My girls have the most wonderful habits: when my 4 year old makes a new friend at the park, she runs them over to me and proudly proclaims, "That's my mom!" My 8 month old greets me by smiling her biggest smile and kicking her feet really hard.
I feel like a very important Somebody to them.
As a Somebody, I walk into a room and my family is happy to see me. I say something like, "Turn the TV down, please," and while there may be grumbling or protests about it, it gets done.
I am visible.
It all makes sense! I devote all of my love and energy into creating a peaceful, happy home. My very hard work is beginning to pay off in the form of a 4 year old who knows that I mean what I say, whether that's "I love you" or "It's time to get ready for bed" and husband who makes me a cup of coffee every morning. I feel seen and respected. Mostly, I feel loved.
Obviously not every moment is pure familial bliss and joy. Certainly there are moments that feel super tough and unforgiving. But they are few, far between, and we all recover from them. We are a unit who works together through these bumpy, bruise-y moments.
Somedays I am a pair of hands, asked to do tasks. "Yes, I can fix that." "Yes, I can tie that." "Yes, I can open this."
Somedays I am a clock. "You can play for another 10 minutes."
Somedays I'm a crystal ball. "Yes, I do know where you can find your favorite rock."
Hands, a clock, a crystal ball - and always visible.
Earlier this week I read a blog post about a mom who feels invisible. She is comforted by the fact that God sees her work and is pleased. That is a wonderful, fulfilling experience: feeling aligned to the god of your heart and knowing that you are doing the work of the Creative. There are endless blessings that come with that soul satisfying work and no accolades are required. This is the beauty of Motherhood.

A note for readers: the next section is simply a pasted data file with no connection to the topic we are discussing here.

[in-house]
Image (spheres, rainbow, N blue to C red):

This writer takes great comfort in knowing that she is aligned and using her talents to the best of her ability. Wonderful. If only every person could be so fortunate! But she doesn't feel that she has the attention and respect of her family and is allowing this to be good enough. This is a trap of Motherhood.
She writes, "When I really think about it, I don’t want my son to tell the friend he’s bringing home from college for Thanksgiving, 'My mom gets up at four in the morning and bakes homemade pies, and then she hand-bastes a turkey for three hours and presses all the linens for the table.' That would mean I’d built a monument to myself! But I don’t want that—I just want him to want to come home with a friend and share a wonderful meal as a family. "
I must suggest a different perspective: When I really think about it, I want my daughter to tell the friend she's bringing home from college, "My mom preps food all week so that she can cook for us for the whole day. The linens might not be pressed and beautiful but we will dance and laugh together." That would mean that I've created a home that my children love. A place where they feel loved and relaxed. I would have built a cathedral to my family where we can gather and rest and work and celebrate with a sense of Divine Love together.
As mothers, we are building great cathedrals. We cannot do it alone though. All members of the congregation must use their Divine Blessings to make it as beautiful and holy as we can. One day, it is very possible that the world will marvel at what our family has built and the beauty it has added to the world by the talents and gifts of Visible Mothers.
You deserve to be seen.
Yoga Teacher. Thinker of things.
Sometimes I just need to empty the contents of my brain into words.